The creatures Non Non Ba describes in her stories are real. Shigeru feels their presences, at times he can see them, and in at least one instance he befriends a yokai, a disheveled monster who scatters adukii beans in the attic. In later life Mizuki would become famous as an creator of yokai manga, but despite the creatures pervasive presence in Non Non Ba, this novel is as much about pre WW II life in s small town as it is about folklore. The pretend wars Shigeu's friends "play" are vicious and the rules are as draconian and unreasonable as those he would later expose among the Japanese Imperial Army in his anti-war masterpiece, Onward to our Glorious Deaths,His father is a gentle but tragic character, and his mother is both comic and pathetic in her inability to let go of what she sees as her glorious past. The child's life is surrounded by tragedy. A young girl from Tokyo who is cared for by Non Non Ba dies of tuberculosis. The seemingly respectable family who moves to town in fact deals in selling young girls to distant geisha houses.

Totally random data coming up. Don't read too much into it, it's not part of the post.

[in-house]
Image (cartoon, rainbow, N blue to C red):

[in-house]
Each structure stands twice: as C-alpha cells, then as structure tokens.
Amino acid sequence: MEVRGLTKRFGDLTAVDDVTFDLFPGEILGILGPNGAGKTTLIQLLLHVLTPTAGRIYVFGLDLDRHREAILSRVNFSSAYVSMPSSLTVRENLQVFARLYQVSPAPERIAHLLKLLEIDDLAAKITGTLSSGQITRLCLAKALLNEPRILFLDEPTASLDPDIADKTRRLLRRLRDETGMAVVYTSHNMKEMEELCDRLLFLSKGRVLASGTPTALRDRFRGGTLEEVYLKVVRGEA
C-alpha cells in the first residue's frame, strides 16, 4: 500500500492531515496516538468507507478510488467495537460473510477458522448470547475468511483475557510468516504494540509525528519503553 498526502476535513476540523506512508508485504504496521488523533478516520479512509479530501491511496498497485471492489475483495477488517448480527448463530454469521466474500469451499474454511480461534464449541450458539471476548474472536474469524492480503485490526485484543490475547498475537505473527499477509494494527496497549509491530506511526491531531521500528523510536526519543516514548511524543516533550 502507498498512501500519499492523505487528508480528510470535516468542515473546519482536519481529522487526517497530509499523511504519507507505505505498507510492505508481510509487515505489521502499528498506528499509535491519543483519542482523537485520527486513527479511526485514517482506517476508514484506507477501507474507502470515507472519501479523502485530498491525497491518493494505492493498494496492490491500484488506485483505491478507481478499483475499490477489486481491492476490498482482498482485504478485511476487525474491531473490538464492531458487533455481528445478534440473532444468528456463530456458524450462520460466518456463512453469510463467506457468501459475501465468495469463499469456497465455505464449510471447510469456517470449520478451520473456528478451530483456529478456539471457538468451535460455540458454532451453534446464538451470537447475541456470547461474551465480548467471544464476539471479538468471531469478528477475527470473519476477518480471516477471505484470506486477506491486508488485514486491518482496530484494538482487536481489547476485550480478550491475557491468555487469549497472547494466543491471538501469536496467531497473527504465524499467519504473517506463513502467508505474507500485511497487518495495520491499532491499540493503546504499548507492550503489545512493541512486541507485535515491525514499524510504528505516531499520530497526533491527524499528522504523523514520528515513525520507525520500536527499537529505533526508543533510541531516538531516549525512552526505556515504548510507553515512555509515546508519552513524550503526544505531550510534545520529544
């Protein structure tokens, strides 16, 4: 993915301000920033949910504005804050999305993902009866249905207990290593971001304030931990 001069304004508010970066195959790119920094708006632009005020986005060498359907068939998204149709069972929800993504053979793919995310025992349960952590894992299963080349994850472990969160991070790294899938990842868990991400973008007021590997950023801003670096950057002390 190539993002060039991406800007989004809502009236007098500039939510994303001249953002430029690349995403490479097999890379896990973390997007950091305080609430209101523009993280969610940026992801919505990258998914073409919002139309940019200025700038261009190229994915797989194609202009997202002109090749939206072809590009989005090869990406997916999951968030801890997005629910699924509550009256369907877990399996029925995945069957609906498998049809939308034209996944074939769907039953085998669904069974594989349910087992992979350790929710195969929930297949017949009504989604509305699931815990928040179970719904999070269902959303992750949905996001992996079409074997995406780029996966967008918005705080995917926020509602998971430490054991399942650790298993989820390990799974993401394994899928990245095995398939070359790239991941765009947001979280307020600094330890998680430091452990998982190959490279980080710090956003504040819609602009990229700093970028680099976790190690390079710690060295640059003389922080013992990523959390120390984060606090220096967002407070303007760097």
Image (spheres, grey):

Mizuki's interweaving of the fantastic and the everyday is seamless and convincing, and his story is gentle and moving. A twelve-mile hike to taste the first doughnuts brought to this remote area of Japan is as entertaining as a trip to an undersea cave to witness a yokai floor show.
|In Mizuki's hometown Sakaiminato, sculptures of Yokai|
line the road to the railway station. This is the
Wall Yokai, admittedly not one of the more
|This Yokai is so frightening it has cause Shigura and|
Non Non Ba to speak Spanish